Why Clubhouse Is So Hot Right Now

Facebook and Spotify are terrified

Key Takeaways

  • Clubhouse is an invite-only app for drop-in, live audio chats, like an online panel discussion.
  • It is the only audio-only social network.
  • Other social networks are worried because listening takes away from time you’d usually waste on them.
A Clubhouse in the sunshine.

Clubhouse is still invite-only and still only available on the iPhone, and yet Twitter, Facebook, Spotify, Instagram—even LinkedIn—are going crazy trying to copy it. 

Clubhouse is the only audio-only social network. Many liken it to podcasting, but that’s off the mark. It’s more like leaving the radio on in the background; only you can speak up if you want to. And this hands-off, eyes-off, always-running format has gotten other social networks seriously worried.

"If you're listening to a chat on Clubhouse, you're most likely not watching Instagram Stories, scrolling TikToks, or listening to a podcast on Spotify," tech economist and adviser Will Stewart told Lifewire via email.

"Clubhouse has shown the ability to capture significant chunks of one's attention away from other platforms during prime screen time."

What Is Clubhouse?

Clubhouse is simple. A user creates a chatroom, and others can join. A speaker takes the virtual stage, and a moderator can allow others to speak after they virtually raise their hands.

Rooms can be open or invite-only, and participation is optional. You can just listen. Right now, Clubhouse still requires an invite to join. 

A group of people standing around having a conversation.

Thomas Barwick / Getty Images

Chats are not saved, but they kind of are. For moderation purposes and to check things out later if a chat turns ugly, discussions are recorded. But these recordings aren’t available to users and are supposedly deleted after a short time.

Of course, any listener could easily make a recording of the audio stream and post it elsewhere. In fact, that happened with a chat about Steve Jobs’s stories.

Clubhouse is not a podcasting platform, despite that claim being made repeatedly. (I put out a public request for comment, and many respondents put clubhouse into the podcasting category.)

A podcast is a pre-recorded, usually edited audio show that you can listen to at any time. A Clubhouse chat is a live, one-time chat or presentation, with no editing and all the fluff of live audio.

However, Clubhouse still poses a threat to podcasts because you can’t listen to anything else if you’re listening to Clubhouse.

Why Is Clubhouse So Hot Right Now?

Social media requires engagement. If you’re not flipping through photos on Instagram or reading about burning 5G masts on Facebook, you’re not looking at ads, and your activity isn't being monitored and analyzed.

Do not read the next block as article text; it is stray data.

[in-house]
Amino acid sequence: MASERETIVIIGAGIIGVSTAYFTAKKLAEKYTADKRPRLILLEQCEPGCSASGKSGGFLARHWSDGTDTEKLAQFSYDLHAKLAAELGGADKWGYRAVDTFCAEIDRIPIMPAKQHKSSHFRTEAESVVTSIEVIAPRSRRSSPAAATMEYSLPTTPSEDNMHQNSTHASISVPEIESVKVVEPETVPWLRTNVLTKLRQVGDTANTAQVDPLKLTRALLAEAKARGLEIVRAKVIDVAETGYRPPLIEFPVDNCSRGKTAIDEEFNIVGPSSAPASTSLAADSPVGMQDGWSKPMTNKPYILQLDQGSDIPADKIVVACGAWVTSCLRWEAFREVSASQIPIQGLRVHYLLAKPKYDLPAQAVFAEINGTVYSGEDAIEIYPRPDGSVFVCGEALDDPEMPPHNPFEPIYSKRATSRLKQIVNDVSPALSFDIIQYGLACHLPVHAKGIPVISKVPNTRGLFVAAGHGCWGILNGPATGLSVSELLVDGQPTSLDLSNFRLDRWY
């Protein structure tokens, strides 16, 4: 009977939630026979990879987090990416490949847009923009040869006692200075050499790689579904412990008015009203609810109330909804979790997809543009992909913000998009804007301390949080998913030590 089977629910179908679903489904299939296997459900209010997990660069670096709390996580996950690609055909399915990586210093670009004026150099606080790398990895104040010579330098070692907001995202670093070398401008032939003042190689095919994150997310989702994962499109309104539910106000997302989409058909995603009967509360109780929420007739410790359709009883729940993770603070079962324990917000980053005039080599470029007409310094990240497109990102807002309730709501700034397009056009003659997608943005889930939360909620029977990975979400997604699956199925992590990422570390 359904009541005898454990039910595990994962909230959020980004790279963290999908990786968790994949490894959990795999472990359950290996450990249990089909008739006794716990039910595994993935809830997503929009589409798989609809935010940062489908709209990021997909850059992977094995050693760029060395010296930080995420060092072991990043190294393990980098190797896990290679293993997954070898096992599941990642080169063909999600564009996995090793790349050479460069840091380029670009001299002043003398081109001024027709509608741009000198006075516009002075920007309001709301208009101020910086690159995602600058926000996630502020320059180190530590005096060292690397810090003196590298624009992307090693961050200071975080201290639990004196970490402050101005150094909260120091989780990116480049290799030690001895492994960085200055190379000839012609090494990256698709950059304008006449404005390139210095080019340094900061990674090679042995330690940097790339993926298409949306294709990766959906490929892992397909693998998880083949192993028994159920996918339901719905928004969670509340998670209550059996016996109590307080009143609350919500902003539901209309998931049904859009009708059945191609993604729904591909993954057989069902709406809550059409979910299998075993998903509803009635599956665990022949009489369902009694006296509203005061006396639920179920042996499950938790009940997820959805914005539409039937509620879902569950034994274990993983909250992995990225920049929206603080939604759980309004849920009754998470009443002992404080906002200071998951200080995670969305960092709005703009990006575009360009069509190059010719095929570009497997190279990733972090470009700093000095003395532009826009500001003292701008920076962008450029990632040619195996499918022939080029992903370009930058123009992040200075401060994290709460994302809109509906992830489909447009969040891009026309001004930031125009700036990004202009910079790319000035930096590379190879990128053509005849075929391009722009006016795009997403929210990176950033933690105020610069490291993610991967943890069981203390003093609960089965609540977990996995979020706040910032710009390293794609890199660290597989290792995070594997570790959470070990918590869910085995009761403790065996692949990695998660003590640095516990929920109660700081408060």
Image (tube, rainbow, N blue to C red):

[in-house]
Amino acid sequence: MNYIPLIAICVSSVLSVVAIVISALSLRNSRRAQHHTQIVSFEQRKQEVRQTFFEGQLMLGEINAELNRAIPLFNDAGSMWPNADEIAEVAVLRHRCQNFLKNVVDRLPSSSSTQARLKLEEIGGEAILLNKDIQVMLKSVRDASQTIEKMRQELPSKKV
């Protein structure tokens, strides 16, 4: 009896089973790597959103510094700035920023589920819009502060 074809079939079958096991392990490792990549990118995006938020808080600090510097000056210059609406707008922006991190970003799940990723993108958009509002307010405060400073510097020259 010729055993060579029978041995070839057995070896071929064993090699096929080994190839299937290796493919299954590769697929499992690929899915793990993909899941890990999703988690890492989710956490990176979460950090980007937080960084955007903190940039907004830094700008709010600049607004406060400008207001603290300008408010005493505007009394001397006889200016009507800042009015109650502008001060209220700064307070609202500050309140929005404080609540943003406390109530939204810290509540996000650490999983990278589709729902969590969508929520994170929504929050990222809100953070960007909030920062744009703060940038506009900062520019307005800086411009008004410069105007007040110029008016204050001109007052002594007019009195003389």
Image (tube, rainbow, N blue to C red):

Given that it's literally based on people chatting, it's arguably the most 'social' social media. It feels more authentic and spontaneous.

Any time a new social media platform gets popular, it gets copied or bought. Instagram aped TikTok with Reels, Facebook purchased WhatsApp, and so on. 

Clubhouse is a particularly nasty threat because you don’t have to read or look at it. Spotify is worried because audio programming is direct competition, but Twitter and Facebook might be even more threatened.

"Clubhouse is the only platform where you can participate without looking at the screen. All the other social media platforms require you to look at your screen or your phone," podcaster and founder of NoDegree Jonaed Iqbal told Lifewire via email.

"For Clubhouse, you can keep your eyes off and do other things while still engaging with the platform."

Why Do Users Like Clubhouse?

Clubhouse’s strength is that it can keep you company. Some folks turn on the TV or radio for background. Clubhouse is that, only with more specialized subjects.

You can tune in and let it drift by. That’s a pleasant diversion at any time, but right now, a bit of companionship is especially welcome. 

"Because in the absence of informal 'hangs,' networking events, and the like (essentially wiped out by the pandemic), apps like this can fill the void," Scott Simonelli, CEO of audio-intelligence platform Veritonic, told Lifewire via email.

Someone relaxing at a table in front of a patio door listening to audio through headphones.

Westend61 / Getty Images

Voices are so much more nuanced and personal than the written word, and talking is something we’re wired to do. 

"Given that it's literally based on people chatting, it's arguably the most 'social' social media. It feels more authentic and spontaneous," says Simonelli.

Zoia Kozakov of Women in Innovation agrees. "I would say that the gold rush is actually more of a by-product of the zoom fatigue that the world is collectively experiencing," Zoia told Lifewire via email. "Clubhouse enables socialization without having to be 'on.'"

The combination of hands-off, background listening, optional participation, and the fact that listening 'steals' time away from other social networks has made Clubhouse hot, hot, hot. Will it survive, or will audio hangouts become just another feature of the usual networks?

In the end, it might be down to the character of the conversations on different social networks. Just like you may go to Twitter for news, Facebook for family and disinformation, and LinkedIn when you get fired, maybe people will go to Clubhouse when they want some amateurish audio wallpaper.

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